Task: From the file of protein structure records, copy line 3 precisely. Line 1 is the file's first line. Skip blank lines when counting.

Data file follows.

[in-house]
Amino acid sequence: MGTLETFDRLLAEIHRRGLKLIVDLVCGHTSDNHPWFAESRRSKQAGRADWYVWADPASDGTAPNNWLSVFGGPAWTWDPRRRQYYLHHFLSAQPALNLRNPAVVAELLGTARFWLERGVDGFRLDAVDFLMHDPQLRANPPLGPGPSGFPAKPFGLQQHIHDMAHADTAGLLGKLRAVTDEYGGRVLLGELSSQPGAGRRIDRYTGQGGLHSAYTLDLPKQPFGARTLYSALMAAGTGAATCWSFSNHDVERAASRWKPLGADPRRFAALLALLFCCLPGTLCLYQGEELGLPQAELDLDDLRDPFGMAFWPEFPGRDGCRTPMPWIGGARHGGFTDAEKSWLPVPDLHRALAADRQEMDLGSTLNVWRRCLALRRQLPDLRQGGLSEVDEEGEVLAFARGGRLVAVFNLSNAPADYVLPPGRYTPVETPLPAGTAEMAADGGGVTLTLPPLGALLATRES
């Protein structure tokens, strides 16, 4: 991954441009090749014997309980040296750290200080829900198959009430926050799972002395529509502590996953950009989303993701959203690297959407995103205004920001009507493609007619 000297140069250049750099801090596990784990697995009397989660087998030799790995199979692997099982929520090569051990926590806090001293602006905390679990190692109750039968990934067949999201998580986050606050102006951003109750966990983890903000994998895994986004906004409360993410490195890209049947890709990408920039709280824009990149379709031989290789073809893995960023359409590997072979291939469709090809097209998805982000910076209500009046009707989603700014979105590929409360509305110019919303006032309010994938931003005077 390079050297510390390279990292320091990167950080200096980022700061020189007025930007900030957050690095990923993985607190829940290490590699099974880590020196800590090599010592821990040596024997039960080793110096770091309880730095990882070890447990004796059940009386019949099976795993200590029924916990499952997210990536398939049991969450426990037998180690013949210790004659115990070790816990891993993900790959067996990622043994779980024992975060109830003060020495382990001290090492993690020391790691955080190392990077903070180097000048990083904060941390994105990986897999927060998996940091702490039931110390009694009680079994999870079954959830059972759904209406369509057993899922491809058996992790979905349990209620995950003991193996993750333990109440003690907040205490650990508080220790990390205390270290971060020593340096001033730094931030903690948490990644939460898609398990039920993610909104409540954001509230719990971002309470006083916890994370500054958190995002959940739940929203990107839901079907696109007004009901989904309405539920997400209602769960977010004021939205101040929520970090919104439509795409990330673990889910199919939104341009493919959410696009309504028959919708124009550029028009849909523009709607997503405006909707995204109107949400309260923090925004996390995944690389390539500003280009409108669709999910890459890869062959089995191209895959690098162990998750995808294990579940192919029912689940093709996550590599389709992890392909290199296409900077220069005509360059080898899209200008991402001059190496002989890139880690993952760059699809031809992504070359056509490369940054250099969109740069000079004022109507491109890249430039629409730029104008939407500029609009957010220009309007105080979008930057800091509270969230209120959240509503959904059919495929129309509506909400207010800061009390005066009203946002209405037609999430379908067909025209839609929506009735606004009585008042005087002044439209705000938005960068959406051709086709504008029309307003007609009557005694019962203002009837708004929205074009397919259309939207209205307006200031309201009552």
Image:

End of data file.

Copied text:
């Protein structure tokens, strides 16, 4: 991954441009090749014997309980040296750290200080829900198959009430926050799972002395529509502590996953950009989303993701959203690297959407995103205004920001009507493609007619 000297140069250049750099801090596990784990697995009397989660087998030799790995199979692997099982929520090569051990926590806090001293602006905390679990190692109750039968990934067949999201998580986050606050102006951003109750966990983890903000994998895994986004906004409360993410490195890209049947890709990408920039709280824009990149379709031989290789073809893995960023359409590997072979291939469709090809097209998805982000910076209500009046009707989603700014979105590929409360509305110019919303006032309010994938931003005077 390079050297510390390279990292320091990167950080200096980022700061020189007025930007900030957050690095990923993985607190829940290490590699099974880590020196800590090599010592821990040596024997039960080793110096770091309880730095990882070890447990004796059940009386019949099976795993200590029924916990499952997210990536398939049991969450426990037998180690013949210790004659115990070790816990891993993900790959067996990622043994779980024992975060109830003060020495382990001290090492993690020391790691955080190392990077903070180097000048990083904060941390994105990986897999927060998996940091702490039931110390009694009680079994999870079954959830059972759904209406369509057993899922491809058996992790979905349990209620995950003991193996993750333990109440003690907040205490650990508080220790990390205390270290971060020593340096001033730094931030903690948490990644939460898609398990039920993610909104409540954001509230719990971002309470006083916890994370500054958190995002959940739940929203990107839901079907696109007004009901989904309405539920997400209602769960977010004021939205101040929520970090919104439509795409990330673990889910199919939104341009493919959410696009309504028959919708124009550029028009849909523009709607997503405006909707995204109107949400309260923090925004996390995944690389390539500003280009409108669709999910890459890869062959089995191209895959690098162990998750995808294990579940192919029912689940093709996550590599389709992890392909290199296409900077220069005509360059080898899209200008991402001059190496002989890139880690993952760059699809031809992504070359056509490369940054250099969109740069000079004022109507491109890249430039629409730029104008939407500029609009957010220009309007105080979008930057800091509270969230209120959240509503959904059919495929129309509506909400207010800061009390005066009203946002209405037609999430379908067909025209839609929506009735606004009585008042005087002044439209705000938005960068959406051709086709504008029309307003007609009557005694019962203002009837708004929205074009397919259309939207209205307006200031309201009552």